Lines Composed a Few Miles above Tintern Abbey, on Revisiting the Banks of the Wye during a Tour, July 13, 1798
by William Wordsworth
Lines Composed a Few Miles above Tintern Abbey, on Revisiting the Banks of the Wye during a Tour, July 13, 1798 Memory and the Past Quotes
How we cite our quotes: The poem is 159 lines long, so we just cite by line number.
Of unremembered pleasure (30-1)
Remembering the "beauteous forms" of the Wye valley doesn't just conjure up memories of that particular nature walk. It helps remind the speaker of all the seemingly trivial "acts/ Of kindness" (34-5) that he's committed in his life.
And now, with gleams of half-extinguished thought,
With many recognitions dim and faint,
And somewhat of a sad perplexity,
The picture of the mind revives again: (58-61)
Now that the speaker is back at the Wye again, he's "perplexed," or confused, at the disparity between what he remembers, and what he sees. His memory, which was so immediate during the "five long winters," has become "half-extinguished thought."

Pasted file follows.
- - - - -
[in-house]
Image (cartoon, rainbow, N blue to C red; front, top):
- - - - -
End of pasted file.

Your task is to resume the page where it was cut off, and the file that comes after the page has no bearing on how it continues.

when thy mind
Shall be a mansion for all lovely forms,
Thy memory be as a dwelling-place
For all sweet sounds and harmonies (139-142)
The speaker imagines Dorothy's mind and memory using house metaphors. Her mind will be a "mansion," and her memory a "dwelling-place" for all the beautiful things she sees and hears on this trip to the Wye valley. Then, in future years, if she's unhappy, she'll be able to revisit this mental "mansion" and see it all again in her mind's eye.